Thanks for your note! We have considered doing more explicit Monte Carlo analysis, which we see as the main reason to use programming languages. Currently, we continue using Google Sheets because staff are already familiar with the format, and because it integrates well with the information we input, including the data charities send us.

-Maggie

• Maggie (GiveWell) on December 21, 2021 at 8:10 pm said:

Hi Sonia,

We’re far more certain about the impact of cash transfers (such as GiveDirectly), where the mechanism is straightforward and the evidence is very strong. The financial impact of our health charities is informed by quasi-experimental evidence on the long run effect of a negative health outcome (such as malaria) on earnings, which is less certain. We don’t have an explicit quantitative comparison of the level of uncertainty, in part because a lot of our uncertainty is model uncertainty (which we find more challenging to quantify) rather than parameter uncertainty. One of the main uncertainties in our model is the extent to which we are being consistent in how we account for flow-through benefits between interventions with direct economic benefits and interventions for which the primary benefit is health related. It’s possible we aren’t being as consistent as we could be, and that we might count the income-improving benefits of health interventions more than we count the health-improving benefits of income.

-Maggie

• Maggie (GiveWell) on December 21, 2021 at 8:15 pm said:

Hi PJC,

Thanks for taking the time to reach out. There is certainly a lot of interest in cause areas and geographies that GiveWell research doesn’t investigate, and we know there’s a growing demand for more evidence-based approaches to choosing domestic charities. That said, our mission is strongly committed to doing the most good per dollar, which is why we focus on global health and development work. Taking research staff time away from finding the most cost-effective funding opportunities globally in order to research geography-restricted interventions is unlikely to become a priority of ours in future years. You can read more about our commitment to global causes here and here.
-Maggie

• Provide An Update on Deworming Confidence?

GiveWell last wrote in depth about deworming in the 2017 time frame [1]. At the time, GiveWell advocated for deworming based on “weak evidence on the causal relationship between reducing worm loads and improved life outcomes.”

It’s been four years. Has anything happened [2] in that time to make this evidence base more solid?

[1]
https://www.givewell.org/international/technical/programs/deworming – last updated Jan 20218
https://blog.givewell.org/2016/12/06/why-i-mostly-believe-in-worms/ – written December 2016; says it was updated in July 2021, but I can’t tell what changed. (No revisions stand out to me.)
https://blog.givewell.org/2017/01/04/how-thin-the-reed-generalizing-from-worms-at-work/ – written January 2017; says it was updated in November 2017.
https://blog.givewell.org/2017/12/07/questioning-evidence-hookworm-eradication-american-south/ – written December 2017; updated January 2018

[2] new published research, new data from the top deworming charities, additional GiveWell analysis of existing data, etc.

• Maggie (GiveWell) on December 28, 2021 at 9:21 am said:

Hi Phil,

Thanks for your kind words! Vitalik Buterin’s gift was unrestricted, which means that it can support GiveWell’s operating expenses, subject to our excess assets policy. Because his gift was so extraordinarily generous, we only retained ~$8 million for our operating expenses and fees related to the gift, and designated the remainder for grantmaking. Of that, ~$16.6 million was distributed to AMF alongside our most recent Maximum Impact Fund allocation. We expect to grant the remainder soon.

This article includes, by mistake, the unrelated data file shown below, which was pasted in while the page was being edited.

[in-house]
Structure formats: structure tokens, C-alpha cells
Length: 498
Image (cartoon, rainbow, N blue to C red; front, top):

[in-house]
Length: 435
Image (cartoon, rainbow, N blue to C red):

-Maggie

• Claudia Wolfe on December 28, 2021 at 10:34 am said:

I BEG that Give Well to check out S.O.I.L in Haiti as an exceptional Charity to support. They get compost toilets into homes and communities, employ locals to pick up the waste, take it to composting site where it is turned into rich soil for community gardens. So it’s efficacious sanitation, while offering dignity and jobs to one of the poorest countries in the world.

• Hello! I am a long time GiveWell Donor and I was wondering what efforts GiveWell made regarding the rhetoric used to discuss Effective Altruism. It is concerning to me how it often plays so much on guilt, like “would you let a baby drown in a lake” and the devaluing emotional connection and individuality. I also wish it had a better way to emotionally connect people to the results of their giving. I don’t have easy answers to this but GiveWell is hugely influential in this area and I would love to see a more positive approach that seems more likely to work. I would like to see communication that is based in psychological science and have concerns that the current predominant approach is unlikely to be widely appealing.

• Dan Hare on December 29, 2021 at 7:39 am said:

A wonderful initiative.
There are far better tools for repeatable data acquisition, cleansing, modelling and benchmarking than Google sheets or, even worse, code.
However, despite our best efforts not for profits are the most resistant to change even when there’s no charge.
Would love to help.

• Maggie (GiveWell) on December 29, 2021 at 4:18 pm said:

Hi Claudia,

Thanks for the suggestion! Because our research process requires substantial involvement of the charities in consideration, we actually require that applications be submitted by formal representatives of those charities. If you’d like this charity to be considered by GiveWell, the best thing to do is to send them the instructions posted here and suggest that they proceed with an application.

-Maggie

• Maggie (GiveWell) on December 29, 2021 at 4:22 pm said:

Hi Emily!